When the World Was Ours – Liz Kessler
Three young friends—Leo, Elsa, and Max—spend a perfect day together, unaware that around them Europe is descending into a growing darkness and that they will soon be cruelly ripped apart from one another. With their lives taking them across Europe—to Germany, England, Prague, and Poland—will they ever find their way back to one another? Will they want to? Inspired by a true story, When the World Was Ours is an extraordinary novel that is as powerful as it is heartbreaking and that shows how the bonds of love, family, and friendship allow glimmers of hope to flourish, even in the most hopeless of times.
I FIC Kessler
Rescue – Jennifer Nielsen
657 days ago Meg's British father left their home in France to fight the Nazis, leaving some codes in a jar for her to decipher, and Meg and her French mother moved to the Perche, a region in France near Normandy known for its forests; now Meg watches the German soldiers in town, and sometimes carries messages for the French resistance--but suddenly things have gotten much more dangerous: there is a wounded British officer hiding in her grandmother's barn, a family of German refugees who are trying to get to Spain, and the Nazis have arrived on the doorstop searching for the fugitives.
I FIC Nielsen
The Light in Hidden Places – Sharon Cameron
Sixteen-year-old Catholic Stefania Podgórska has worked in the Diamant family's grocery store for four years, even falling in love with one of their sons, Izio; but when the Nazis came to Przemyśl, Poland, the Jewish Diamants are forced into the ghetto (and worse) but Izio's brother Max manages to escape, and Stefania embarks on a dangerous course--protecting thirteen Jews in her attic, caring for her younger sister, Helena, and keeping everything secret from the two Nazi officers who are living in her house.
I FIC Cameron
Gold Rush Girl -- Avi
Victoria Blaisdell longs for independence and adventure, and she yearns to accompany her father as he sails west in search of real gold! But it is 1848, and Tory isn’t even allowed to go to school, much less travel all the way from Rhode Island to California. Determined to take control of her own destiny, Tory stows away on the ship. Though San Francisco is frenzied and full of wild and dangerous men, Tory finds freedom and friendship there. Until one day, when Father is in the gold fields, her younger brother, Jacob, is kidnapped. Tory is spurred on a treacherous search for him in Rotten Row, a part of San Francisco Bay crowded with hundreds of abandoned ships.
I FIC Avi
The Great Trouble: The Mystery of London, the Blue Death, and a Boy Named Eel – Deborah Hopkinson
Eel has troubles of his own: As an orphan and a “mudlark,” he spends his days in the filthy River Thames, searching for bits of things to sell. He’s being hunted by Fisheye Bill Tyler, and a nastier man never walked the streets of London. And he’s got a secret that costs him four precious shillings a week to keep safe. But even for Eel, things aren’t so bad until that fateful August day in 1854—the day the deadly cholera epidemic, known as blue death, comes to Broad Street. Everyone believes that cholera is spread through poisonous air. But one man, Dr. John Snow, has a different theory. As the epidemic surges, it’s up to Eel and his best friend, Florrie, to gather evidence to prove Dr. Snow’s theory—before the entire neighborhood is wiped out.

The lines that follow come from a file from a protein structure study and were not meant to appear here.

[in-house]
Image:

I FIC Hopkinson
The Witch of Blackbird Pond – Elizabeth Speare (Newbery Medal)
Sixteen-year-old Kit Tyler is marked by suspicion and disapproval from the moment she arrives on the unfamiliar shores of colonial Connecticut in 1687. Alone and desperate, she has been forced to leave her beloved home on the island of Barbados and join a family she has never met. Torn between her quest for belonging and her desire to be true to herself, Kit struggles to survive in a hostile place. Just when it seems she must give up, she finds a kindred spirit. But Kit’s friendship with Hannah Tupper, believed by the colonists to be a witch, proves more taboo than she could have imagined and ultimately forces Kit to choose between her heart and her duty.
I FIC Speare
The Slave Dancer – Paula Fox (Newbery Medal)
Kidnapped and on an Africa-bound ship, thirteen-year-old Jessie discovers to his horror that he is on a slaver, and his job is to play music for the exercise periods of the human cargo.
I FIC Fox
Words on Fire – Jennifer Nielsen
In 1893 twelve-year-old Audra lives on a farm in Lithuania, and tries to avoid the Cossack soldiers who enforce the Russian decrees that ban Lithuanian books, religion, culture, and even the language; but when the soldiers invade the farm Audra is the only one who escapes and, unsure of what has happened to her parents, she embarks on a dangerous journey, carrying the smuggled Lithuanian books that fuel the growing resistance movement, unsure of who to trust, but risking her life and freedom for her country.
I FIC Nielsen